In our longest trek, we covered 667 miles in about 13.5 hours, including stops, as we rushed back to Arizona early to be with family. Our shortest distance: 28 miles in Massachusetts. We stayed at a truck stop the night before because we didn’t want to be rushed when setting up at Bob’s brother Bill’s. It made for an easy drive the next day and plenty of daylight to get our setup just right.
Our 27 stays included:
We liked the various stays for different reasons. For example, rest areas make a nice overnight stop when traveling a long distance. The same with casinos, Cabela’s, and Walmart. Here we outline our favorites among the first four types of stops listed above:
Favorite Moochdocking Stay
We greatly appreciate all the people who generously hosted us and allowed us to hook up to water and electric as needed. We enjoyed spending time with friends and family at each of those destinations.
But if we had to pick a favorite moochdocking stop from this past summer, it would be my cousin’s farm in southwestern Michigan, where we stayed for a full month. Getting a little taste of farm life — literally — edged out the other stops. The farm is also where we picked up the little electric bikes we ordered, which were super fun to ride around there.
Favorite Rest Area
We overnighted at rest areas in Tonopah, Nevada; Orovada, Nevada; Rock Springs, Wyoming; Lexington, Virginia; and Jasper, Tennessee. Of those five stops, the Tennessee Welcome Center in Jasper was definitely our favorite.
This rest area sits on an island in the Tennessee River and features beautiful sunrises over the water. Plus, it boasts a building with a Keurig and a vending machine of K-cups, as well as other vending machines. This coffee option may be commonplace at rest areas today, but it was the first one we saw.
I really liked the Great River Campground at the edge of Minnesota, near the Wisconsin border. Unfortunately, the low-hanging branches on the way into the campground ripped our roof (because I didn’t have our TV antenna facing the right direction), so we didn’t get to give the site a good try. We left after one night to avoid storms.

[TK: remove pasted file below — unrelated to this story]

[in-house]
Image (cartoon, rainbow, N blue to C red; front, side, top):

Instead, Four-Mile Creek State Campground on Lake Ontario in northern New York proved to be our favorite of the summer. Although our campsite didn’t overlook the water, we enjoyed riding our bikes around the campground loops to areas with lake views. We also had a campfire there for the first time on our trip. And, it served as an excellent jumping-off point to visit Niagara Falls.
Favorite Boondockers Welcome Stay
We’re still learning the benefits of this option after only staying at two of more than 2,600 Boondockers Welcome hosts. Our favorite stop of this sort would have to be our first, at Lynnwoods Rest Stop in Fremont, Ohio. The host provided full hookups (for a small fee), visited with us for a bit, and made us feel right at home. Situated in a farm area, the stop provided an excellent opportunity for us to take our bikes out and go exploring down a cornfield-lined street.
That’s not to say our other Boondockers Welcome stay was subpar. Quite the contrary. We were so relaxed at that one that we didn’t even leave our trailer for two days. Just enjoyed some much-needed downtime.
Although we drove through 24 states, we could only add 19 to our map because we didn’t spend a night in five of them. Of those we did stay in, our favorite would have to be Pennsylvania.
We moochdocked at the grandparents’ of a girl we met in Guatemala last fall on our Panama Canal cruise. We appreciated visiting with our welcoming and delightful hosts every evening.
We probably explored Pennsylvania more than any other state we toured over the summer, venturing into Gettysburg, Lancaster, and Philadelphia — and glimpsing autumn leaves in the process.
This is the travel blog of full-time RVers Bob and Lana Gates and our truck, Gulliver, and fifth wheel, Tagalong.